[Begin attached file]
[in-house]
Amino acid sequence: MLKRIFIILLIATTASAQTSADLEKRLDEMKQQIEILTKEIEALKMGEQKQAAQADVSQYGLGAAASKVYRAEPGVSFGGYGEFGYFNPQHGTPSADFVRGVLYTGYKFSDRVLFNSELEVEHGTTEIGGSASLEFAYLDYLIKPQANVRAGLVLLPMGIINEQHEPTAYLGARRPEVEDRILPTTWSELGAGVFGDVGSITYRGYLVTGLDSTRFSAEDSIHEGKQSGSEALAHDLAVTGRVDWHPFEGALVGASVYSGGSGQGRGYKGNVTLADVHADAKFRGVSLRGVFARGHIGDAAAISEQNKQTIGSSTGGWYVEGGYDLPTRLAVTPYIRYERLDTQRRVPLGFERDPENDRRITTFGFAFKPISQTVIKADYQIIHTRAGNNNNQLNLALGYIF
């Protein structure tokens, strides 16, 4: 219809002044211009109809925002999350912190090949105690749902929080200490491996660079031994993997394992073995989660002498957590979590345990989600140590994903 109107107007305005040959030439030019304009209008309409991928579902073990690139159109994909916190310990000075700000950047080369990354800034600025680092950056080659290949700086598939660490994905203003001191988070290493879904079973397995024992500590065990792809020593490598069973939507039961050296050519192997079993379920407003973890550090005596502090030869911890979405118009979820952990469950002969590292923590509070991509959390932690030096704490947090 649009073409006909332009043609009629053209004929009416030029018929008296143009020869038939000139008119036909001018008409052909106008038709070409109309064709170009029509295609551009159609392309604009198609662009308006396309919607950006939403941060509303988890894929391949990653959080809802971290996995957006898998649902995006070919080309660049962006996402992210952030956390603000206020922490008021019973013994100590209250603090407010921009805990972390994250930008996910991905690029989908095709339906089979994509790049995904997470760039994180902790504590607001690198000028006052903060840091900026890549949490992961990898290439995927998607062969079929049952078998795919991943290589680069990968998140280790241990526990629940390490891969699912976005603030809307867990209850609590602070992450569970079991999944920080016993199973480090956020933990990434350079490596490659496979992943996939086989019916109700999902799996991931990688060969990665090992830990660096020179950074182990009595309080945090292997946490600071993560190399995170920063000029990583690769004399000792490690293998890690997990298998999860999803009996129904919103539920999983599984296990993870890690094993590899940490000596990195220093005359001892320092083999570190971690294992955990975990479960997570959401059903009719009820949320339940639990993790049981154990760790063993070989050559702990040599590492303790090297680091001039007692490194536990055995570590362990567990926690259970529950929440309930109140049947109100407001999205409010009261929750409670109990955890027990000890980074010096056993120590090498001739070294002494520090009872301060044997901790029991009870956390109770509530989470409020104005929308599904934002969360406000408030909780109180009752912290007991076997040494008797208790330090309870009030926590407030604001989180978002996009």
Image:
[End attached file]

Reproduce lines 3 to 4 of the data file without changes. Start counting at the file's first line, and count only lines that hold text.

């Protein structure tokens, strides 16, 4: 219809002044211009109809925002999350912190090949105690749902929080200490491996660079031994993997394992073995989660002498957590979590345990989600140590994903 109107107007305005040959030439030019304009209008309409991928579902073990690139159109994909916190310990000075700000950047080369990354800034600025680092950056080659290949700086598939660490994905203003001191988070290493879904079973397995024992500590065990792809020593490598069973939507039961050296050519192997079993379920407003973890550090005596502090030869911890979405118009979820952990469950002969590292923590509070991509959390932690030096704490947090 649009073409006909332009043609009629053209004929009416030029018929008296143009020869038939000139008119036909001018008409052909106008038709070409109309064709170009029509295609551009159609392309604009198609662009308006396309919607950006939403941060509303988890894929391949990653959080809802971290996995957006898998649902995006070919080309660049962006996402992210952030956390603000206020922490008021019973013994100590209250603090407010921009805990972390994250930008996910991905690029989908095709339906089979994509790049995904997470760039994180902790504590607001690198000028006052903060840091900026890549949490992961990898290439995927998607062969079929049952078998795919991943290589680069990968998140280790241990526990629940390490891969699912976005603030809307867990209850609590602070992450569970079991999944920080016993199973480090956020933990990434350079490596490659496979992943996939086989019916109700999902799996991931990688060969990665090992830990660096020179950074182990009595309080945090292997946490600071993560190399995170920063000029990583690769004399000792490690293998890690997990298998999860999803009996129904919103539920999983599984296990993870890690094993590899940490000596990195220093005359001892320092083999570190971690294992955990975990479960997570959401059903009719009820949320339940639990993790049981154990760790063993070989050559702990040599590492303790090297680091001039007692490194536990055995570590362990567990926690259970529950929440309930109140049947109100407001999205409010009261929750409670109990955890027990000890980074010096056993120590090498001739070294002494520090009872301060044997901790029991009870956390109770509530989470409020104005929308599904934002969360406000408030909780109180009752912290007991076997040494008797208790330090309870009030926590407030604001989180978002996009």
Image: